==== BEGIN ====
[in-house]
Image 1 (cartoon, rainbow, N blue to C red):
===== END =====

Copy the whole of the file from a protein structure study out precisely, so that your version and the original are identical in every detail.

[in-house]
Image 1 (cartoon, rainbow, N blue to C red):